14. Blurgh, I managed far less of this by myself than I typically do when I try a Toughie (and I’ve occasionally completed one without hints) — made more disappointing by this one being widely reckoned to be easier than most.

    On my first pass through I filled in just 3 answers — one of which I hadn’t heard of and had to check actually was a word, and one of which turned out to be wrong! So I resorted to the hints, in the end reading all of them, and still had fewer than half the answers after another pass.

    For 13a I had ‘daemonic’, which seems to fit both the definition and the wordplay, but completely stuffs up three of the down answers. It was only when giving up on 6d and pressing ‘reveal’, over a day later, that I discovered I’d got 13a wrong.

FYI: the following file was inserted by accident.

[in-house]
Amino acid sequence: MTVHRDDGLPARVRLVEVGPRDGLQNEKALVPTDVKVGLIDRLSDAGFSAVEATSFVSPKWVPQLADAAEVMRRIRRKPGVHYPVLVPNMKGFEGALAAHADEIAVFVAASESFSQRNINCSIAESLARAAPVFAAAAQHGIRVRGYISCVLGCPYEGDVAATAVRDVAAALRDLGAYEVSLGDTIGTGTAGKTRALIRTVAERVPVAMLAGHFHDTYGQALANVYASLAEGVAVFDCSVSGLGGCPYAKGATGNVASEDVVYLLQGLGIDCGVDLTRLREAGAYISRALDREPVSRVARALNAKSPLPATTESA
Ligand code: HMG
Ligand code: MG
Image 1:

What am I missing which means 13a has to be what it is and not what I put? Nobody else has mentioned it, so I presume you all got it right first time. Similarly for 1a where my ‘stone-hearted’ seems equally valid (but at least that doesn’t affect crossing answers).

    I hadn’t heard of the 14d sausage, among other things, and there are a bunch of bits I didn’t understand even with the answer, but I lost the will to track them.

    My favourite clue was Gazza’s use of 4d as a cryptic definition — that really made me smile! And thank you for the hints, explanations, and answers which at least meant I eventually ended up with a full grid.